in the White House
Random House: 488 pp., $30
This engaging new book about Andrew Jackson, our first up-from-nowhere president, takes its place on a crowded shelf in the library of national leadership. Jackson has not been overlooked heretofore. Just in the last few years there have been useful new works on Jackson and the age of Jackson from Sean Wilentz and Daniel Walker Howe; and scholars such as Andrew Burstein, whose "The Passions of Andrew Jackson" appeared in 2003, continue to air provocative theories.
Jon Meacham's account of Jackson's years of power does not contest the mainstream version. It selectively enriches that version with graceful new readings of some formerly overlooked primary materials, notably the private papers of members of Jackson's family circle. Elected president after an especially brutal campaign in the fall of 1828, during which the allies of his opponent, John Quincy Adams, charged him with being a murderer, a fanatical duelist, a perpetrator of atrocities against the Creeks and the son of a whore, Jackson suffered the loss of his beloved wife, Rachel, just before assuming office. Having no children of his own, he recruited a surrogate son, Andrew Jackson Donelson, and Donelson's young wife, Emily, to serve as his roommates at the White House -- Emily, from a prominent Nashville family, would become his hostess and a stand-in first lady.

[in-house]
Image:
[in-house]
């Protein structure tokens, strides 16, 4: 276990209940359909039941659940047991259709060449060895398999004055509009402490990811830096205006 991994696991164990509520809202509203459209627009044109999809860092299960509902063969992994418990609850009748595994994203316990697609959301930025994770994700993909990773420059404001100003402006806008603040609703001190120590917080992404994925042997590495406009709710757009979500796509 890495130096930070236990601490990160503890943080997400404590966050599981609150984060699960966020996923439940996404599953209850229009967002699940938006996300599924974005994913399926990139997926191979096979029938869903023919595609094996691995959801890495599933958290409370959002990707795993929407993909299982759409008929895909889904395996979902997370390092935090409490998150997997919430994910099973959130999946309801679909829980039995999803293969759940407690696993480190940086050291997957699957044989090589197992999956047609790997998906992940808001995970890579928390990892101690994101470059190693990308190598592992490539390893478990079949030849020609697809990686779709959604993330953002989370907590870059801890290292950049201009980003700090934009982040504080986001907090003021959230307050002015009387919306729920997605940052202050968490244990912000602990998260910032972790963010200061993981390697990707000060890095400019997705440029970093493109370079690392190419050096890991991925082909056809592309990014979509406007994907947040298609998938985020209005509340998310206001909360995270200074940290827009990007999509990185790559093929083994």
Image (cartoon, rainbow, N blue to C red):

Emily Donelson is mainly known to history as a player in the Margaret Eaton affair. Peggy Eaton was the wife of John Henry Eaton, Jackson's first secretary of war. She was also a flirt, a raving beauty and the daughter of a man who ran a notorious boardinghouse, and she had a reputation as a woman of easy virtue. The wife of Jackson's vice president, John C. Calhoun, refused to see her socially. Other of Washington's most prominent women also refused to have anything to do with her, and Emily Donelson took her lead from them.
Jackson, loyal to Eaton, who had served under him during the War of 1812, made social acceptance of the Eatons a sine qua non for receiving his presidential favor. Emily was banished from the White House, temporarily. The loathing that the president came to feel for Calhoun probably had something to do with Mrs. Calhoun's unkindness to Peggy. But Jackson never lacked for pretexts and energy for hating his opponents.
Meacham's book hinges on the proposition that "the future of the American presidency was at stake" in the Eaton affair. What he means by this is that Calhoun put himself in bad repute with Jackson when his wife disrespected the wife of the secretary of war. Meanwhile, Martin Van Buren, the clever secretary of state, took the opportunity to demonstrate a warm public affection for the Eatons and, by this means, won Jackson's support for his own ascent to the presidency.